Rex and Dovetail Electric Aviation announced a cooperation yesterday that could have the first Rex Saab flying with a retrofitted electric propulsion system in as little as four years.
With the help of Dovetail Electric Aviation, the same business that owns Rose Bay tourism operator Sydney Seaplanes, it has announced a new “strategic alliance” to accelerate the introduction of electric-powered small aircraft to Australia.
A start-up pioneering revolutionary electric aircraft concepts, Dante Aeronautical has a presence in Spain and Australia and founded Dovetail in 2021 with Sydney Aviation Holdings, owners of Sydney Seaplanes.
An aircraft from Rex will be used as a test plane for the project, together with Rex’s resources for engineering, maintenance, and storage.
Using MagniX engines, Dovetail is the official dealer in Australia, New Zealand, the South Pacific, and Mediterranean Europe, where Rex operates its Saab 340 fleet.
Reconfigured planes are intended to save up to 40% on operational expenses, making them far quieter than their predecessors.
“We are both proud and excited to be at the forefront of advancements in regional aviation and helping our national efforts in meeting the aim of nett zero emissions by 2050.” Rex deputy chairman John Sharp said.
There are currently plans for electric aircraft conversion centres in Europe and Singapore whenever certification is obtained.
“Dovetail promises to deliver the holy grail in aviation: real sustainability; cheaper maintenance and operational expenses, and less waste as a function of the reuse of existing aircraft,” Mr Sharp said.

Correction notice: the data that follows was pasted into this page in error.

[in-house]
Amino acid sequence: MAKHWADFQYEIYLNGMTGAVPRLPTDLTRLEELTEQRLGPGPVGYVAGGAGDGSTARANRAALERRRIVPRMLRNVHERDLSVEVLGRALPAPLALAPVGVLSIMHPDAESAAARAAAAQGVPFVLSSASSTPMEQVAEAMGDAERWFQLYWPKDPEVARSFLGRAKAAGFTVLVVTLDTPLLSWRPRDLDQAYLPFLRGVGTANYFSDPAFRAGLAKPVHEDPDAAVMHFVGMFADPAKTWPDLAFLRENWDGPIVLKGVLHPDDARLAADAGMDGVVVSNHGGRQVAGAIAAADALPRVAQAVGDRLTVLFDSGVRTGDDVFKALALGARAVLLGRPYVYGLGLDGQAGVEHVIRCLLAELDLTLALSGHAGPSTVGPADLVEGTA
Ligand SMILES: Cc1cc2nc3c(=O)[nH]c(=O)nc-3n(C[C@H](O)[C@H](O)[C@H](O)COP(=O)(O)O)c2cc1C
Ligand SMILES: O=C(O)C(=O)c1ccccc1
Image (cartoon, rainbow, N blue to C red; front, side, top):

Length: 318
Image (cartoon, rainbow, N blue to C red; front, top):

These include REX planes, seaplanes, and training planes, which will be the first to use electric battery propulsion.
The partnership with Sydney Seaplanes and Dante Aeronautical in Dovetail Electric Aviation is an excellent opportunity for us to share our aviation and engineering skills while advancing Rex’s journey towards a zero-emissions future.
Zero-emissions aviation might be brought into the mainstream more quickly and cost-effectively by converting turbine aircraft to electric propulsion. Compared to the eight to ten years it takes to get certification for a clean sheet electric aircraft, Dovetail aims to get certified in four years for converted aircraft at a fraction of the cost.
Using an existing airframe, Dovetail will certify an aircraft’s propulsion system, including the electric motor, battery packs, and hydrogen fuel cells. As a result, it will develop unique intellectual property (IP) in conversion engineering, testing technology, and power plant machine learning.